It is a common tendency to look back at the good old days with nostalgia, thinking “those people really had it right.” I actually think this is better than looking back with condescending criticalness of people or eras that we don’t fully understand. But there is also value, if handled gracefully, to look back at the good old days and see where people may have gone off course. We don’t do this to blame or put ourselves above them, on the contrary, we need to be honest with the past mainly because we are more like them today than we are different from them. We look back with a wondering eye not out of pride, saying “look how much smarter we are,” but instead we look back saying, “I know that I/we are more like people of antiquity than we are different from them, so maybe I can learn something from where they missed the mark or veered off course.”
"Human nature will not change. In any future great national trial, compared with the men of this, we shall have as weak and as strong, as silly and as wise, as bad and as good. Let us therefore study the incidents in this as philosophy to learn wisdom from and none of them as wrongs to be avenged." – Abraham Lincoln
A mission historian who I have greatly appreciated is David Bosch. His book, Transforming Mission (1991) does not waste words and speaks frankly about what we can learn about missions from the early church and how we can apply those lessons to ministry today. In this post I’ll submit two principles that Bosch asserts we can learn from the early church. Each of these failures continue to be potential rabbit trails in missions today. Not that we look back and say, “how silly of them,” but instead we need to regularly look back with an honest humility and say, “how might we avoid those pitfalls today?” I also offer a few reflection questions to help us listen to how God might shape us like clay into a noble vessel that engages the world with the love of Christ.
The Church Exists for the Benefit of It's Non-Members
I have suggested that Jesus had no intention of founding a new religion. Those who followed him were given no name to distinguish them from other groups, no creed of their own, no rite which revealed their distinctive group character, no geographical center from which they would operate (Schweizer 1971:42; Goppelt 1981: 208). The twelve were to be the vanguard of all Israel and, beyond Israel, by implication, of the [known world]. The community around Jesus was to function as a kind of… community for the sake of all others, a model for others to emulate and be challenged by. Never, however, was this community to sever itself from the others. -p. 50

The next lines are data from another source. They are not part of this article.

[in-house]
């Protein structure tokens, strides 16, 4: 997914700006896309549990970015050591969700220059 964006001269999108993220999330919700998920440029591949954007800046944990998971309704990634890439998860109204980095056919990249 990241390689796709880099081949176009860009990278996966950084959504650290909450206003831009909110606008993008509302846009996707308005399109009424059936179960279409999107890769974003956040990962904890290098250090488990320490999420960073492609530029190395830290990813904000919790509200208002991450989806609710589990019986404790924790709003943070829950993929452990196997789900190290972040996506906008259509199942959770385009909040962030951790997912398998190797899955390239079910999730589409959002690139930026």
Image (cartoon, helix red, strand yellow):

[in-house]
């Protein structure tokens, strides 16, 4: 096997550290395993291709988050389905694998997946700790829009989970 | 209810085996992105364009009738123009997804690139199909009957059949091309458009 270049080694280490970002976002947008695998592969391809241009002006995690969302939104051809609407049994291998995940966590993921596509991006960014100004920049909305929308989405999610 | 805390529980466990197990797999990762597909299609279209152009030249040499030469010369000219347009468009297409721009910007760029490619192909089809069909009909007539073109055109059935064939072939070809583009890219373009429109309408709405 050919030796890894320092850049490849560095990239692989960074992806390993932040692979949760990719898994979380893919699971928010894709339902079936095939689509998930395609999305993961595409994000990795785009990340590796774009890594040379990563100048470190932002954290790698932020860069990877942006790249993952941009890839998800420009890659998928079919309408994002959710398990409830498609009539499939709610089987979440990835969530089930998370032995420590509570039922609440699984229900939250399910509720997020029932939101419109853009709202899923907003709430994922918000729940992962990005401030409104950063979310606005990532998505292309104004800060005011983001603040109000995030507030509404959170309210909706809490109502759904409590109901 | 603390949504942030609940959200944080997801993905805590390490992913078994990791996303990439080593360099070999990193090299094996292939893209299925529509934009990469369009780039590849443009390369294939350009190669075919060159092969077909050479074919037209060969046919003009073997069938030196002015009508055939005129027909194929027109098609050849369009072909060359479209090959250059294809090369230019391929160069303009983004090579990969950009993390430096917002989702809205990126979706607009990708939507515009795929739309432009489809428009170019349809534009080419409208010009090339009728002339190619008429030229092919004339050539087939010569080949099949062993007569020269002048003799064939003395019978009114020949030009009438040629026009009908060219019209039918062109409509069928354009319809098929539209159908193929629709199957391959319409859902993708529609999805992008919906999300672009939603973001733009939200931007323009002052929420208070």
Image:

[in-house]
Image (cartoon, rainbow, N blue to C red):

Centuries ago, William Temple also reflected on the same principle: “Church is the only society on earth that exists for the benefit of non-members.” A helpful exercise in missions or evangelism is to remember how much we are like non-believers than how different we are from them. When we remember our testimony and see how much grace God has shown us, we drop facades and walls that separate us from people and begin to function as a “community for the sake of all others” rather than severing ourselves from community:
- What things really bother you or make you mad about the culture you are surrounded by?
- How might those emotions reveal subtle ways that you have distinguished yourself from other groups rather than relate with them?
- In what ways are you more like those you don’t like than you are different from them? How might God help you love and engage in relationships with people you struggle with rather than push away from them?
Churches That Value Movement Mobilize Missions. Churches That Settle for Sustainability Often Don't
Intimately linked to this first failure of the early church is a second: it ceased to be a movement and turned into an institution. There are essential differences between an institution and a movement, says H.R. Niebuhr: the one is conservative, the other progressive; the one is more or less passive, yielding to influences from outside, the other is active, influencing rather than being influenced; the one looks to the past, the other one looks to the future. In addition, we might add, that one is anxious, the other is prepared to take risks; the one guards boundaries, the other crosses them. p. 50-51
We cannot have it both ways, then: purely and exclusively a religious movement, yet at the same time something that will survive the centuries and continue to exercise a dynamic influence. Our main point of censure should therefore not be that the movement became an institution but that, when this happened, it also lost much of its verve. It’s white-hot convictions, poured into the hearts of the first adherents, cooled down and became crystallized codes, solidified institutions, and petrified documents. The prophet became a priest of the establishment, charisma became office, and love became routine. The horizon was no longer the world but the boundaries of the local parish. The impetuous missionary torrent of earlier years was tamed into a still flowing rivulet and eventually into a stationary pond. It is this development that we have to deplore. Institution and movement may never be mutually exclusive categories; neither may church and mission. p. 53